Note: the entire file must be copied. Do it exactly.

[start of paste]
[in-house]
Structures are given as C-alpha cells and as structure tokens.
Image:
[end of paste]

[in-house]
Structures are given as C-alpha cells and as structure tokens.
Image: